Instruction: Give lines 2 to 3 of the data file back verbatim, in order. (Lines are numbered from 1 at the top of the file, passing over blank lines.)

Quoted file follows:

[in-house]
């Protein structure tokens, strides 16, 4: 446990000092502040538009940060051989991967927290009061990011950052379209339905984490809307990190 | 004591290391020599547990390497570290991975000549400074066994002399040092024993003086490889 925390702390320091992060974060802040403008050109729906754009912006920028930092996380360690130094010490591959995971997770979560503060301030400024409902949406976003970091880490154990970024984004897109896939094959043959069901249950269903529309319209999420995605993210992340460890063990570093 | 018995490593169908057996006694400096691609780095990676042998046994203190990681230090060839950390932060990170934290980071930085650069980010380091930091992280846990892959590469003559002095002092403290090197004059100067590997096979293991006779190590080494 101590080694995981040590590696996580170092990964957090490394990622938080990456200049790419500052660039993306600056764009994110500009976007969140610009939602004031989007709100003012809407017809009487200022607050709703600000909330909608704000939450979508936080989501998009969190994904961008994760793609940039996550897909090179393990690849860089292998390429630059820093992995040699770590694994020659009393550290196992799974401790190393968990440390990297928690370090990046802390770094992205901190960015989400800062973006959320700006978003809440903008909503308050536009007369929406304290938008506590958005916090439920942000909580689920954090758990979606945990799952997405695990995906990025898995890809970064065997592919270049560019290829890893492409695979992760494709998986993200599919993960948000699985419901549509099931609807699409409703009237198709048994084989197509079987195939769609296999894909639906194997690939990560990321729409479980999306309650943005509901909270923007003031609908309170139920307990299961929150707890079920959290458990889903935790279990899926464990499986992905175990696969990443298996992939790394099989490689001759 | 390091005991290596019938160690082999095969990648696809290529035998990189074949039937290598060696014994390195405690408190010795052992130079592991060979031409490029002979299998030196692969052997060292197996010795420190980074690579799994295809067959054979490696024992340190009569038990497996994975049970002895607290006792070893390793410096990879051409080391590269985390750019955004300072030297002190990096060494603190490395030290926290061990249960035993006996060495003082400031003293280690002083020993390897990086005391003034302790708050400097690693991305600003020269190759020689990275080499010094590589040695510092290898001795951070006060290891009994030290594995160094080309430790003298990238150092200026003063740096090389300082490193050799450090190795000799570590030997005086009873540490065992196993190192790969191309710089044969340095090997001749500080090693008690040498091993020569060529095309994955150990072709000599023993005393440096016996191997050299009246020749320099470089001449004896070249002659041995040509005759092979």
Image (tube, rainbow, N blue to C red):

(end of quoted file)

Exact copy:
């Protein structure tokens, strides 16, 4: 446990000092502040538009940060051989991967927290009061990011950052379209339905984490809307990190 | 004591290391020599547990390497570290991975000549400074066994002399040092024993003086490889 925390702390320091992060974060802040403008050109729906754009912006920028930092996380360690130094010490591959995971997770979560503060301030400024409902949406976003970091880490154990970024984004897109896939094959043959069901249950269903529309319209999420995605993210992340460890063990570093 | 018995490593169908057996006694400096691609780095990676042998046994203190990681230090060839950390932060990170934290980071930085650069980010380091930091992280846990892959590469003559002095002092403290090197004059100067590997096979293991006779190590080494 101590080694995981040590590696996580170092990964957090490394990622938080990456200049790419500052660039993306600056764009994110500009976007969140610009939602004031989007709100003012809407017809009487200022607050709703600000909330909608704000939450979508936080989501998009969190994904961008994760793609940039996550897909090179393990690849860089292998390429630059820093992995040699770590694994020659009393550290196992799974401790190393968990440390990297928690370090990046802390770094992205901190960015989400800062973006959320700006978003809440903008909503308050536009007369929406304290938008506590958005916090439920942000909580689920954090758990979606945990799952997405695990995906990025898995890809970064065997592919270049560019290829890893492409695979992760494709998986993200599919993960948000699985419901549509099931609807699409409703009237198709048994084989197509079987195939769609296999894909639906194997690939990560990321729409479980999306309650943005509901909270923007003031609908309170139920307990299961929150707890079920959290458990889903935790279990899926464990499986992905175990696969990443298996992939790394099989490689001759 | 390091005991290596019938160690082999095969990648696809290529035998990189074949039937290598060696014994390195405690408190010795052992130079592991060979031409490029002979299998030196692969052997060292197996010795420190980074690579799994295809067959054979490696024992340190009569038990497996994975049970002895607290006792070893390793410096990879051409080391590269985390750019955004300072030297002190990096060494603190490395030290926290061990249960035993006996060495003082400031003293280690002083020993390897990086005391003034302790708050400097690693991305600003020269190759020689990275080499010094590589040695510092290898001795951070006060290891009994030290594995160094080309430790003298990238150092200026003063740096090389300082490193050799450090190795000799570590030997005086009873540490065992196993190192790969191309710089044969340095090997001749500080090693008690040498091993020569060529095309994955150990072709000599023993005393440096016996191997050299009246020749320099470089001449004896070249002659041995040509005759092979």
Image (tube, rainbow, N blue to C red):